The Reteach Wrecking Ball (or The Executioner’s Lament)

Tom and Jerry frontFrom Steve Ethridge —

Predictably, another of my favorite Orlando-area fixtures, Tom and Jerry’s, the border outpost between Winter Park and Maitland on 17-92, recently fell victim to the wrecking ball. Established in 1949 as a workingman’s watering hole, the little tavern had evolved over time into a popular gathering spot in its final years of existence due to some remodeling that took place under a change of ownership in the nineties; the squalid cinderblock shell was painted burnt orange, and its status as a corner bar had been upgraded to that of rustic picture postcard. Though its Cheers sensibility had not really disappeared, wherein all the regulars know the bartenders’ names and vice-verse, Tom and Jerry’s had also become a popular gathering place for local musicians and the Friday happy-hour crowd.

For a short time after the news of its forthcoming demise, a “preserve and protect” mentality set in, as it always does when Americana is threatened, but the ultimate execution took place in the late Summer/early Fall to great sadness among my Facebook friends. Prior to the dropping of the sword, I had happened by the abandoned structure one morning and noticed the ominous backhoe silently positioned nearby. Within a few days, when I passed by again, the place was an orange pile of rubble, the pilot of that vehicle of destruction and his crew long since gone. Though I don’t really want this getting around, I couldn’t help but feel a tinge of empathy for the kill-joy who had manned the wrecking ball and brought down that quaint establishment. That’s probably due to in large part to the one I similarly wield.

The wrecking ball I speak of is the Reteach Wrecking Ball that’s once again landed in my hands in ENC 1101. Once again, I decided to open up this semester with my standard but much reviled Rhetorical Analysis. Students were assigned the task of analyzing rhetorical situations in a variety of genres related to a common topic of their choosing, and the results were pretty interesting, not only for the typically bizarre topic selections, but for the writing strategies freshmen brought to their essays. For one, there has been no significant decline in statement of purpose thesis statements that, according to most of my teachers and colleagues, should have gone to mulch decades ago. At first glance, I am determined to swing the corrective wrecking ball, but soon enough I imagine those Florida school systems that, in a desperate attempt to facilitate the FCAT writing requirement, had brought English teachers who had taught in the seventies out of retirement like grandparents to cobble together some sort of writing program at the last hour. I further imagine the hardship I would visit upon their progress were I to disparage these methods. I, nonetheless, come out swinging.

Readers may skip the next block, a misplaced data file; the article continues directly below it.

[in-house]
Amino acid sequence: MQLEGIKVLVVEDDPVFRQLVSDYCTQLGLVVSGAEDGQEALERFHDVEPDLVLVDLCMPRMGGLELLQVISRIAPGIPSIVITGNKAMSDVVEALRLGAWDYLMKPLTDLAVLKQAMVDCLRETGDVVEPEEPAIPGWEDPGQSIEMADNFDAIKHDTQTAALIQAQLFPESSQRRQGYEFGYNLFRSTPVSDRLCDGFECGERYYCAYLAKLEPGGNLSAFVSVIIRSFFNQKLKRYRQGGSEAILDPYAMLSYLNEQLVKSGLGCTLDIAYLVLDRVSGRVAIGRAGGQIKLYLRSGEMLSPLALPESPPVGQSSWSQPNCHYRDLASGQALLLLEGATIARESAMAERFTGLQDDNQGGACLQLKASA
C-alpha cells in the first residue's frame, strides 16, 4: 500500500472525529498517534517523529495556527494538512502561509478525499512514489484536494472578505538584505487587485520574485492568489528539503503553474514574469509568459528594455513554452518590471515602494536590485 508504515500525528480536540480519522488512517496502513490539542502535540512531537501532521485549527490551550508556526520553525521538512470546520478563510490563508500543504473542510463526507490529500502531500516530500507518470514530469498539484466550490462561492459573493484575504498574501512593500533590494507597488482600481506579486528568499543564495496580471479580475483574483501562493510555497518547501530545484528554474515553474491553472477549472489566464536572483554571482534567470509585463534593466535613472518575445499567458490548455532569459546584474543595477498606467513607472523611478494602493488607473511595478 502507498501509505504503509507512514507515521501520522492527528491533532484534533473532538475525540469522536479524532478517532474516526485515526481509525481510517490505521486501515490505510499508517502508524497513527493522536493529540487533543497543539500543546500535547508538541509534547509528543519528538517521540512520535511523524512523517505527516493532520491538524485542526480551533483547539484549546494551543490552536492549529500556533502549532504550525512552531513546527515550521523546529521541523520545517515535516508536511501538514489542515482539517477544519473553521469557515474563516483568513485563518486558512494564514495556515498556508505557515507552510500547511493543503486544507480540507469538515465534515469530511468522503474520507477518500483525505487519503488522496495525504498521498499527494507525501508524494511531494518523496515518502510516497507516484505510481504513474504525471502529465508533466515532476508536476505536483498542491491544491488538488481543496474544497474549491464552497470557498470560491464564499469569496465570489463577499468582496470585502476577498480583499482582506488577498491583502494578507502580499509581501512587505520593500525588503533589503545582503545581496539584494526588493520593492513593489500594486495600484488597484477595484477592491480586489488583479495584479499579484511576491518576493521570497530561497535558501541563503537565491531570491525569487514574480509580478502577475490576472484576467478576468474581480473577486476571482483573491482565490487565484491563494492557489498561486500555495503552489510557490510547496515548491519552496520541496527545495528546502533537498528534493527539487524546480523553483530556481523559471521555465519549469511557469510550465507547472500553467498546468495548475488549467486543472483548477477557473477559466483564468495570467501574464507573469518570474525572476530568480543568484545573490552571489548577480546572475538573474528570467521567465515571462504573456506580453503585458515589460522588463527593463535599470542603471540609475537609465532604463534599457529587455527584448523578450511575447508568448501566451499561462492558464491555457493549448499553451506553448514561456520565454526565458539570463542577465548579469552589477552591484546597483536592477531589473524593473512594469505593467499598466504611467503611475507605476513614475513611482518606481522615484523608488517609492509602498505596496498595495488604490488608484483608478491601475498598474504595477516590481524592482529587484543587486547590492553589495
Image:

I also find myself at cross purposes with my Core 1 focus, elements of rhetorical situations, and other curricula incoming freshman have been taught, even if it happens to be knowledge I can appreciate. I find myself having to remark that imagery, as essential as it is to the art of poetry, is not really a recognized element of rhetorical situations as delineated by William Covino, David Jolliffe, Keith Grant-Davie, or Aristotle, for that matter. “The author uses imagery to reach his target audience,” they posit, as though imagery is a standard rhetorical tactic among writers.

So I regretfully respond that aside from some much needed legislation of the world, poetry is not what we’re really talking about here. It is then that I once again feel that tinge of empathy for those English teachers in those Florida school systems who just want to teach poetry. Some of my students have confided to me that in their senior year, poetry was all they studied. In this regard, I imagine that the study of poetry might have merely served as a comforting respite for FCAT-addled English teachers, briefly liberated from their high stakes and statements of purpose. In spite of this momentary sentiment, I still stand fast and do my writing instructor duty (I suppose I should be grateful that my students didn’t spend their senior year studying nothing but grammar: “The author uses sentences to reach his target audience.”).

So it is with a conflicted empathy that I swing the wrecking ball and disturb the much-loved relics . . . a sad glance at the rubble, the hope that they are not too missed.

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